The students are ready to do activity 3 of the Wax Paper activity series. After completing two of these activities earlier in the unit, the students should be able to work this activity quicker than the circle and parabola activities.
After about five minutes I plan to start sharing the students' designs (wax paper ellipse). Some of the designs will be very circular while others will be more oblong. I ask the students why the pictures are different. The students should realize that the further the 2 points are from each other the more oblong the ellipse will be.
I continue displaying the designs while asking, "Why did the directions in the activity not make a circle? What is different with what we did with the circle?"
Once the students have generated some initial ideas about the difference between an ellipse and a circle, we will work towards formalizing this explanation. I plan to share the definition of an ellipse from our course text (p. 742, Larson, Precalculus with Limits, 2nd ed.)
Then, to help the students better understand this definition, we will make a human ellipse. We accomplish this using a piece of string that is a few meters long. I pick two students to represent the foci of the ellipse. These students hold the ends of the string. The remaining students take turns grabbing a point on the string somewhere between the 2 ends. Each moves until they find a point where the string is taut. Then, the student stays at that point. Another student now takes hold of the string at a different point and follows the same procedure. We continue until each student takes a place on the ellipse. (The Making a Human Ellipse reflection includes a video demonstration of this activity.)
In my class, the Human Ellipse helps students who struggle with the idea that the sum of the distances to the focal points is constant. After using this activity to help students gain a concrete understanding of the definition, I share an abstract representation of what we just constructed (see labeling the figure) and define key features and parameters of an ellipse and the equation for this conic section. I use these models to show students how the sum of the distances in the definition is actually the length of the major axis (see value of ellipse constant). This is an interesting idea, because it helps explain why c^2=a^2- b^2.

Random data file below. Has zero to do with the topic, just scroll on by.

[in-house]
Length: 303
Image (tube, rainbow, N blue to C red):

I now share the standard equation of an ellipse. The students write the standard equations on their reference sheet. I explain that we can prove the formula, similar to the method for the parabola but we will not do that today. The process requires a lot of substitutions, so I do not want to use class time on this proof. Even though I did not prove the standard equation, I do like to show students how the formula for c^2 is found (see length relationship for ellipse).
Before closing the conversation, I will discuss with students how to determine and explain the relative values of the parameter a, b and c in the Standard Form Equation for an Ellipse. This discussion includes the use of the parameter a to determine if the ellipse's major axis is vertical or horizontal.
Teacher Note: At this time I do not discuss the eccentricity of the ellipse. I have found that students get confused when it is discussed at this stage of their work with conics. I wait until we convert the conic equations to polar form before covering this topic. I find that the wait helps to make the application of the concept more relevant to my students.
As we end the lesson, I once again display a labeled diagram of an ellipse. I ask the students, "What would need to change or what would need to be true if the ellipse was actually a circle?" I want my students to realize the major and minor axis would be equal in length, and, the two foci would be coincident at the center of the circle. After discussing the changes I explain that the circle is sometimes considered a special case of an ellipse.